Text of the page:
Apple has said it will file an emergency motion of censure against Samsung after its South Korean rival released information to the press that had been barred in court.
"This deliberate attempt to influence the trial with inadmissible evidence is both improper and unethical," said William Lee, Apple's legal counsel. "Accordingly, we write to inform the court that Apple will be filing today an emergency motion for sanctions and other relief that may be appropriate."
Yesterday Judge Lucy Koh expressed her extreme displeasure at Samsung's tactics, after the firm's lawyer sent out documents to some members of the press which had been excluded from testimony in court because they weren't filed in time.
Was this the handset that launched a million iPhones?
According to Apple, the documents detail claims that Samsung was working on a similar design long before the iPhone was announced, its F700. Samsung attorney John Quinn confirmed on Wednesday that it was he who approved the document release, but didn't say who wrote it as requested by the judge.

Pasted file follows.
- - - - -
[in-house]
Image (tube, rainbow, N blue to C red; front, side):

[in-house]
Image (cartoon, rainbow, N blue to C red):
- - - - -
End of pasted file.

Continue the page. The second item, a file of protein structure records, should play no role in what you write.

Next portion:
"The judge's exclusion of evidence on independent creation meant that even though Apple was allowed to inaccurately argue to the jury that the F700 was an iPhone copy, Samsung was not allowed to tell the full story. The excluded evidence would have established beyond doubt that Samsung did not copy the iPhone design," Samsung said in its statement, the letter from Apple states.
While Judge Koh may be peeved by the release, Samsung may have decided that it has to speak to the monkeys not the organ grinder. Judge Koh has already signed off on sales bans in the US of both the Galaxy Nexus smartphone and Galaxy Tab 10.1 and it's now to the jury of seven men and three women to decide if that ban holds. ®